Clear losers, but no clear winners
A few images from yesterday’s Presidential Candidates’ Debate summed up for me, the significance of the event:
David Fraser writing on Facebook: “I watched last night's debate in a church hall in South London attended by over 500 Sierra Leoneans.” Hussine Yilla describing Makeni last night, as a town brought to a standstill, with people crammed into Attaya Bases, or huddled around radios. Across Facebook, WhatsApp and Twitter, it was the sole topic of conversation, and instead of turning in at 9.30pm, my mother’s entire household – cook, maid etc - stayed up to watch it from beginning to end and proceeded to mull over the finer points first thing this morning.
The debate wasn’t so much notable for the quality of the conversation or the candidates’ grasp of the issues - their combined presence on the podium seemed to garner more excitement than anything they said. There were a few flashes, the odd code red and some clever ideas, but on the whole, the process was tightly choreographed. It allowed little opportunity for spontaneity. Candidates were kept strictly on topic and exchanges between them, or attempts at rebellion were quickly quashed by moderator Hassan Arouni. This meant that no one really ever had the chance to show the others up. There were clear losers, but that was largely because a couple of candidates insisted on shooting themselves repeatedly in the foot.
Nevertheless, yesterday’s debate was hugely important.
It was a largely successful attempt to enrich the campaign conversation. It signalled that our electorate expect a more sophisticated form of engagement from their candidates.
It ensured that there was a debate about policies before we head to the polls, instead of the usual Pegapak fuelled showboating that used to pass for campaigning in Sierra Leone.
It gave those who don’t have the time or ability to analyse election promises, leadership skills, personality, presence or any of the other qualities that make us choose one leader over another, an opportunity to size each candidate up against the others on a range of criteria.
The initial line-up was a chance to study their body language. Samura’s typically templed fingers, Bio’s slightly skewed tie, Kamarainba’s moment of indecision over whether his hand in pocket stance was appropriate in the circumstances and Kandeh Kolleh Yumkella’s talent for clothing as metaphor – both aesthetic and ascetic.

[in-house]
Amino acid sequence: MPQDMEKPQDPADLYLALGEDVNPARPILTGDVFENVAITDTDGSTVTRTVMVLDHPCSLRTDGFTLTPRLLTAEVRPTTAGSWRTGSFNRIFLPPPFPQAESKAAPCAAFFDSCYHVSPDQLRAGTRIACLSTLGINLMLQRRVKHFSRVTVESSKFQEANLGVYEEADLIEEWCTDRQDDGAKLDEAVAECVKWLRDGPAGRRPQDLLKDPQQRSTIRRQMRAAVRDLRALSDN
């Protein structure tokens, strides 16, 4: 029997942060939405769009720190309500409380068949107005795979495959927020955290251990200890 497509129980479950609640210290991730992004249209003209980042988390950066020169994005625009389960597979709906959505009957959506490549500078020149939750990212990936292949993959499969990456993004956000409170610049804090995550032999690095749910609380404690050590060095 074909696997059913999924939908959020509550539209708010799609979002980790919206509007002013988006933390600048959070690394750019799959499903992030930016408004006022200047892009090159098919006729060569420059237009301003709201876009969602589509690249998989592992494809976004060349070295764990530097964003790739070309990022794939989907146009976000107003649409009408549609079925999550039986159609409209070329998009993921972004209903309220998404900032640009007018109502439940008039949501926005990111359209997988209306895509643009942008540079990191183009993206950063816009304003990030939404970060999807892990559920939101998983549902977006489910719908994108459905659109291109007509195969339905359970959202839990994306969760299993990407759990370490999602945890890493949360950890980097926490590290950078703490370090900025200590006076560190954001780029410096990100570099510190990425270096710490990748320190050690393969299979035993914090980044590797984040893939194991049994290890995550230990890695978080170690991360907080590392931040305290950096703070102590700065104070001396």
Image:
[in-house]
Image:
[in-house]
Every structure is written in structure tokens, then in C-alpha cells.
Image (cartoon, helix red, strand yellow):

Each was given an opportunity to address the audience. Some had clearly not taken the 90-second time limit to heart, and this was probably the first time in their recent adult lives they experienced being cut off mid-sentence.
During the ensuing Q&A section, 30 seconds was more than enough time for some candidates to respond to complex issues, while others relished the later section of the debate, where they had more time to reply.
As if the all-male line-up had failed to alert us, the first question – to do with violence against women - was a clear reminder of gender inequality in Sierra Leone’s society. It was a pity that candidates only had 30 seconds to respond to such a defining issue.
With a clear eye on the electorate, Kandeh Kolleh Yumkella broke ranks early on in the process to speak in Krio. He was quickly followed by his competitors. An admonishment to speak English from Hassan Arouni later in the programme failed to bring them to heel.
There were technical issues, but given the ambition of the event and its pioneering approach, why wouldn’t there be? We had live TV with a live audience, intercut with pre-recorded segments, simulcast, live streaming, autocues and the rest. Next time there will be less glitches. Anthony Navo, Hassan Arouni, Ransford Cole, Angela Angwenyi, John Conteh and all the rest of the team should be congratulated on the scale of their achievement yesterday.
Of course it was show business - I even heard Alpha Khan ask a nearby audience member if he was enjoying the show.
But withal, it gave people a voice and even if only for a moment, it gave them the whip hand.
Here in Sierra Leone, we are used to men at the top having almost unquestioned power. Yesterday we saw six men rendered almost powerless. The event was remarkable in the willingness of our candidates to subject themselves to strict rules, to stand to attention for three long hours and answer questions on demand, to be cut off mid-sentence, expected to justify themselves, applauded, and despite Conteh’s long list of rules to be heckled, laughed at, tutted and jeered. They were deprived of their entourages, their advisors, their sycophants. It was salutary lesson in the loneliness of true leadership.
It was exciting. It was unifying. It was ground-breaking. It was empowering. This is how elections should feel - the sense that we have, in our hands, literally the power of decision.
When we come to the 7th March, I hope everyone voting remembers how they felt yesterday.